Saturday, September 26, 2015

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In Congress

The Declaration of Independence includes the statement: “We hold these truths to be self-evident that all men are created equal, that they are endowed by their Creator with certain unalienable Rights that among these are Life, Liberty and the pursuit of Happiness.” To understand a little background, I need to point out that there were only thirteen states at the time of that writing. It had been a long hard fought battle to break away from England. England had been the land of serfs, slaves and debtors’ prisons. The people were not treated fairly, and the representatives of the people were determined life did not have to be that way. People were already beginning to have different religious views, such as believing or not believing in a higher power. Everyone did agree that voters should have the right to elect leaders according to the most votes. America has always, and continues to be democratic, in that the majority of votes win. Although people profess to have the same belief systems now, and feel we have evolved, there are just as many problems now as then. Leaders often had less than desirable outcomes.
We still believe that each person was created equal. It is our belief that due to unforeseen circumstances, and for whatever reason, there is a separation of people. Education certainly separates people. Often disease, or financial stresses can cripple a livelihood-even a whole family to the point that it is not easy to recover from and it takes its toll. Those who are more fortunate should help those who are less fortunate. In that sense, we are our brother’s keeper, but only as long as he continues to help himself. Once the tide turns, he is expected to pick up the pieces and rebuild. The responsibility of repayment is to give to others. There is usually no way to repay those who gave to you.
For the most part, I believe the fundamental text in the Declaration of Independence and other such documents should be absolutes. However, the morality has changed for many of the people in today’s world. Everyone does not have to hold the same moral system that I do. Freedom is what makes this nation great. Freedom to live in our society any way we choose is why our forefathers fought. It is a shame we cannot all live together in harmony as America was intended. “Your rights end where my rights begin,” means that while we may have different beliefs and customs, you cannot force your behavior on me. Each individual must be strong enough in his or her own convictions, that they must not be swayed by their neighbor.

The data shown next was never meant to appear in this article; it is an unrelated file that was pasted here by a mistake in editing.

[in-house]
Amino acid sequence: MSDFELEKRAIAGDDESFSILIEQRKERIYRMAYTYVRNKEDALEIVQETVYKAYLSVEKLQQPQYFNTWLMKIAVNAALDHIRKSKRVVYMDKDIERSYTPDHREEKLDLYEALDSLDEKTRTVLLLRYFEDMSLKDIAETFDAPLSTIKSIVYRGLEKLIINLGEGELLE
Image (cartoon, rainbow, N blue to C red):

Saturday, September 19, 2015

Getting Hurt

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Normally, I am not a betting man.  However, right now I would almost wager that my Labor Day “break” lasted longer than the average person’s.  On Saturday of the long weekend, I was going to enjoy the day by floating down the Chattahoochee River on a tube with my friends.  Our fun-filled trip to the river was uneventful.  There were no surprises.  We stopped for breakfast, got back on our bus, and headed for the rest of our day.

The first half of my journey down the river was fun.  The girls were looking good for the last blast of sunshine and warm weather before the chills of winter set in.  About half way down the trek, we found a flat rock, suitable for standing on to stretch our legs.  A few of us took turns jumping off the rock into the river, enjoying our afternoon.  That is when my weekend took a dramatic turn for the worse.  I made an attempt to jump back into my tube after a quick water break.  I thought I was lined up just right to land inside.  My feet, evidently, hit the inner tube on the right and my ride shot out from under me like a rocket.  My life flashed before my eyes!  My left knee struck a rock hidden underneath the water.  I wasn’t in any pain.  Perhaps the water was too cold, or it all happened too fast.  I definitely was aware that I now had a gash in my knee that was the length and depth of the Grand Canyon!  Not everybody knows that I have a blood disorder and my blood doesn’t clot fast enough.  A severe wound of this magnitude could do me in.  My doctors have cautioned me how to handle such a situation.  Actually, it’s no different than what I have learned in Boy Scouts.  Close the wound to stop the bleeding.